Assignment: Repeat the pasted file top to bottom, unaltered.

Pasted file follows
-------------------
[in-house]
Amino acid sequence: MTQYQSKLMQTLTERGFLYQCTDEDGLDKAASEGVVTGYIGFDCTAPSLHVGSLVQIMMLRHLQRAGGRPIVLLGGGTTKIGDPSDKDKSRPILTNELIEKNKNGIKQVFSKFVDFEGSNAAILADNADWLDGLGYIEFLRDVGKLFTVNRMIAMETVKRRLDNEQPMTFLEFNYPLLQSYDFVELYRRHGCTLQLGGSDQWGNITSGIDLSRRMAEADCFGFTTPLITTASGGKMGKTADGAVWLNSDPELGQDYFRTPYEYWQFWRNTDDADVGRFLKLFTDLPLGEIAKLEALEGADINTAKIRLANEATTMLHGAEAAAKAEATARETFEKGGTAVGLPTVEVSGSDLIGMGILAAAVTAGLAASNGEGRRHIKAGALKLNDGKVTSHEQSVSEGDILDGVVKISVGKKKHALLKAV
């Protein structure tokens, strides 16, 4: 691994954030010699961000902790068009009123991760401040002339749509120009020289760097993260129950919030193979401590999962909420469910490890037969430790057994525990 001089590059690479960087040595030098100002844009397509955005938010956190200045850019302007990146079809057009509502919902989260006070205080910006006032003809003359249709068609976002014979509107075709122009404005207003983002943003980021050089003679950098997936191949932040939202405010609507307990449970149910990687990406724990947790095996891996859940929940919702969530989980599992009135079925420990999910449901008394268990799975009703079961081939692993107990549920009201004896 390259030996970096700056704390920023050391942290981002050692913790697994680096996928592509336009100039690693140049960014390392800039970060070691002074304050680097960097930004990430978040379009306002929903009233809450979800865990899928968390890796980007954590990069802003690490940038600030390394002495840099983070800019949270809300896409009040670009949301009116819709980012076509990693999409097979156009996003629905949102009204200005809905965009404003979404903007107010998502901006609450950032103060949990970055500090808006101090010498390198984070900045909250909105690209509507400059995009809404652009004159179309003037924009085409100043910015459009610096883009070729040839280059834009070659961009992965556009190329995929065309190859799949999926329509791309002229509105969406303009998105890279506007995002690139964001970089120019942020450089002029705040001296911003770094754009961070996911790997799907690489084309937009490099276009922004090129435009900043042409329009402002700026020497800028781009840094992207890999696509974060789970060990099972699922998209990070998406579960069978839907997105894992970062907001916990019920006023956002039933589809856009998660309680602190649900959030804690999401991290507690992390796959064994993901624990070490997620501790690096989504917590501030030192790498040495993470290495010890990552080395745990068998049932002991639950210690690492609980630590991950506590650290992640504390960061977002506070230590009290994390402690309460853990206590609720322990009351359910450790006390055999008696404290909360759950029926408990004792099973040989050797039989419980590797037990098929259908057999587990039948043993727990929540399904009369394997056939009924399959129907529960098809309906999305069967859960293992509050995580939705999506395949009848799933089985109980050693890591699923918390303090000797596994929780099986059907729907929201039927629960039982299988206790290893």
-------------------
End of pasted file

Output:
[in-house]
Amino acid sequence: MTQYQSKLMQTLTERGFLYQCTDEDGLDKAASEGVVTGYIGFDCTAPSLHVGSLVQIMMLRHLQRAGGRPIVLLGGGTTKIGDPSDKDKSRPILTNELIEKNKNGIKQVFSKFVDFEGSNAAILADNADWLDGLGYIEFLRDVGKLFTVNRMIAMETVKRRLDNEQPMTFLEFNYPLLQSYDFVELYRRHGCTLQLGGSDQWGNITSGIDLSRRMAEADCFGFTTPLITTASGGKMGKTADGAVWLNSDPELGQDYFRTPYEYWQFWRNTDDADVGRFLKLFTDLPLGEIAKLEALEGADINTAKIRLANEATTMLHGAEAAAKAEATARETFEKGGTAVGLPTVEVSGSDLIGMGILAAAVTAGLAASNGEGRRHIKAGALKLNDGKVTSHEQSVSEGDILDGVVKISVGKKKHALLKAV
């Protein structure tokens, strides 16, 4: 691994954030010699961000902790068009009123991760401040002339749509120009020289760097993260129950919030193979401590999962909420469910490890037969430790057994525990 001089590059690479960087040595030098100002844009397509955005938010956190200045850019302007990146079809057009509502919902989260006070205080910006006032003809003359249709068609976002014979509107075709122009404005207003983002943003980021050089003679950098997936191949932040939202405010609507307990449970149910990687990406724990947790095996891996859940929940919702969530989980599992009135079925420990999910449901008394268990799975009703079961081939692993107990549920009201004896 390259030996970096700056704390920023050391942290981002050692913790697994680096996928592509336009100039690693140049960014390392800039970060070691002074304050680097960097930004990430978040379009306002929903009233809450979800865990899928968390890796980007954590990069802003690490940038600030390394002495840099983070800019949270809300896409009040670009949301009116819709980012076509990693999409097979156009996003629905949102009204200005809905965009404003979404903007107010998502901006609450950032103060949990970055500090808006101090010498390198984070900045909250909105690209509507400059995009809404652009004159179309003037924009085409100043910015459009610096883009070729040839280059834009070659961009992965556009190329995929065309190859799949999926329509791309002229509105969406303009998105890279506007995002690139964001970089120019942020450089002029705040001296911003770094754009961070996911790997799907690489084309937009490099276009922004090129435009900043042409329009402002700026020497800028781009840094992207890999696509974060789970060990099972699922998209990070998406579960069978839907997105894992970062907001916990019920006023956002039933589809856009998660309680602190649900959030804690999401991290507690992390796959064994993901624990070490997620501790690096989504917590501030030192790498040495993470290495010890990552080395745990068998049932002991639950210690690492609980630590991950506590650290992640504390960061977002506070230590009290994390402690309460853990206590609720322990009351359910450790006390055999008696404290909360759950029926408990004792099973040989050797039989419980590797037990098929259908057999587990039948043993727990929540399904009369394997056939009924399959129907529960098809309906999305069967859960293992509050995580939705999506395949009848799933089985109980050693890591699923918390303090000797596994929780099986059907729907929201039927629960039982299988206790290893």